Observations on the mechanism of skin tumor promotion by phorbol esters.

R. K. Boutwell, M. Takigawa, A. K. Verma, C. L. Ashendel

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5 Citations (Scopus)


Data from three different sorts of experiments that were designed to provide additional information on the mechanism of tumor formation are presented. The aim of the first approach was to obtain further evidence for the possible relevance of the induction of ornithine decarboxylase (ODC) activity to tumor promotion by 12-O-tetradecanoylphorbol-13-acetate (TPA) in mouse skin. The irreversible inhibitor of ODC activity, alpha-difluoromethylornithine, not only prevented ODC activity in a dose-dependent manner following skin application, it also prevented skin tumor promotion by TPA. Because in tumor promotion experiments TPA must be applied repetitively in order to elicit tumors, the effect of various time intervals between two or more applications on ODC induction and polyamine levels was investigated. Double applications at intervals greater than 48 hr led to a larger induction of ODC than after a single application. In contrast, at intervals of 24 hr or less, the first application caused a refractory state; the second application did not induce ODC activity even at times after ODC activity had returned to the very low, control activity. The aim of the third approach was to more directly determine the function of TPA in the promotion process by identifying the receptor(s) for TPA and to ascertain the function of the receptor(s). A receptor was purified from the particulate protein fraction of mouse brain and it was found that divalent calcium and phosphatidylserine were essential for the maintenance of binding activity during purification. Furthermore the receptor copurified with protein kinase C; it may be that a TPA receptor is protein kinase C and that TPA activates phosphorylating activity.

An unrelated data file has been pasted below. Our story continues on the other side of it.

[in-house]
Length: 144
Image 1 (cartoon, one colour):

Original languageEnglish
Pages (from-to)177-193
Number of pages17
JournalPrincess Takamatsu symposia
Publication statusPublished - 1983
Externally publishedYes

ASJC Scopus subject areas

  • General Medicine


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